Pope and change?

The pontiff could even give the president some political advice. “I would have made a good pope,” Richard Nixon is rumored to have mused. The tale is probably apocryphal, but it underscores how much presidents can get bogged down by the kinds of checks and balances pontiffs don’t have to face. Yet as Obama confronts Republican resistance on Capitol Hill, Francis is also facing strong headwinds from church conservatives and from the infamously sclerotic papal bureaucracy, the Roman Curia. He’s had to use the power of his message — and his considerable popularity — as much as his authority to try to turn around the Vatican. “Obama would be wise to talk politics with Francis,” Notre Dame’s Candida Moss wrote in Politico. “He might be able to pick up a few pointers.”  

9 Responses to “What to look for in the Obama-Francis summit”

  1. jules of Holy Toledo

    “Perhaps dialogue between Pope Francis and President Obama will include some ideas on the very important subject of Infant Mortality.
    As President Obama continues to pursue his Semi-Socialist agenda we may see a very happy Pontif, who is most desirous of seeing healthy and vital children.
    Interestingly, one may look at the good news coming from Cuba…very encouraging, indeed!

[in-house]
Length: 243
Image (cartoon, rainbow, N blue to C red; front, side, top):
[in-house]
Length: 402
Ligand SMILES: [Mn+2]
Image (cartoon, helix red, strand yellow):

by: Emile Schepers
    January 31 2014

    “On January 3, the Cuban ministry of health released new statistics that show that the country’s infant mortality rate has hit a record low, which places it far ahead of the United States in this important health indicator.

    The infant mortality rate expresses the number of babies per thousand live births who die before reaching their first birthday.

    The Cuban rate for 2013 is 4.2 per thousand live births. This is down from 4.6 in 2012. The rate does not vary hugely for Cuba’s 16 provinces, though some of them – Pinar del Rio, Havana Province, Villa Clara, Sancti Spiritis, Ciego de Avila, Las Tunas, Holguin, Granma, Isla de Juventud – have lower rates than average. A number of towns had no infant deaths in 2013, according to the Cuban Ministry of Health.

    Infant mortality rates have been dropping in most of the world since the Second World War, due to better sanitation, nutrition and health care standards (especially maternal and child health, and preventive health care), but also due to factors like urbanization. However, in Cuba they have dropped farther and faster than in other poorer countries.

    Cuba does not have the lowest infant mortality rate in the world. That distinction belongs to countries which are both wealthy and have highly developed infrastructures and social welfare systems, such as Japan, Finland and Luxembourg, all of whom registered 2 infant deaths per 1000 live births. But Cuba has the lowest infant mortality rate in the Americas, and is far ahead of countries with similar per capita Gross Domestic Product levels.

    Cuba’s per capita Gross Domestic Product calculated by the Purchasing Power Parity method is about $10,200 per year; that of the United States is about $51,000 per year, nearly five times as much.

    The latest infant mortality rate for the U.S. is listed as 5.9 infant deaths per 1,000 live births. If anybody has an excuse for the United States being in worse shape than Cuba on this wrenchingly important statistic, that represents so much horrific suffering for families, we have not heard it.